The other reason loudness levels don’t matter in the music tracks we get is because in tv, we’re measuring loudness over a length of time. We get one reading for an entire spot (like 30 seconds), an act of television (the time between commercial breaks – usually 7-10 minutes), or an entire film. That reading includes dialog and sound fx and the music is probably lower than the original mix.
Mixing Score Full Range
In popular music, it’s best to keep mixes full range. With film scoring, it may be ok to mix in context when you’re mixing the whole music score. If I’m mixing music for a composer (where it’s one composer doing the bulk of cues for a film or show) I might mix the music closer to film mix level (which ends up down 6-10 dB). But that’s usually more the case for orchestral scores (vs popular music styles) and we’re mixing in 5.1. If they decide to release a film soundtrack, we’ll have to go back and remix it in stereo anyhow and that’s when I would mix full range and be thinking about loudness.
Advice for composers/songwriters
Do your processing/mastering on the stems. It’s a common music mixing technique to process on the master aux (vs processing just the drums, vocals, etc) but this is bad for tv/film cause the stems don’t sonically match the original mix.
If your track has 5 major elements (a beat, bass line, vocals, rhythm instruments, anything odd/unique that would stick out or make it hard to loop) – have those 5 stems output/ready in addition to your final mix. The stems (when played together) should match the sound and level of the original mix. This is where people tend to mess up. As a re-recording mixer, I don’t want to get more than 8 stems for a song unless there is some really incredibly special reason for it. I’ve had songwriters given me 30 “stems” for a song – but that’s not stems, in the film/tv sense of the word. It may take some combining to get down to 8 and it takes a little planning to combine these tracks (especially if you’re using processing cause your reverbs, effects processing etc have to all be separated). But in general, lead vocals (all tracks summed), other vocals (summed), and drums (summed) should have their own stems.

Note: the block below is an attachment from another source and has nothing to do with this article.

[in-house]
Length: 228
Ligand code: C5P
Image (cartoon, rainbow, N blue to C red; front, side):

I’ve had many times where a producer or editor (film/tv) picked out a music track to use, had something minor they didn’t like about it (a vocal part, some frill like a cymbal or harp, etc), and we had to ditch the track cause we didn’t have stems (or couldn’t get them quickly enough), couldn’t edit out the issue, or the stems didn’t match the original. On the other hand, I’ve seen a single track get used for dozens of commercials and none of the mixes sounded the same because the stems allowed a lot of options. A good track (especially to a music editor) can get a lot of different combinations out of the same stems.
Pro tip: Check how your mixes sounds in context. Rip a movie or video that has no music, stick your music track under it (lowered to where it’d sit in a mix), and just see how it feels. Music sounds different when it’s loud and the only thing you’re focused on but when it’s used for tv/film it’s probably going to be underscore where it’s more of an instrumental (with dialog as the lead). It might change what samples you use or how loud/bright your cymbals are when you can tell what’s getting in the way of dialog.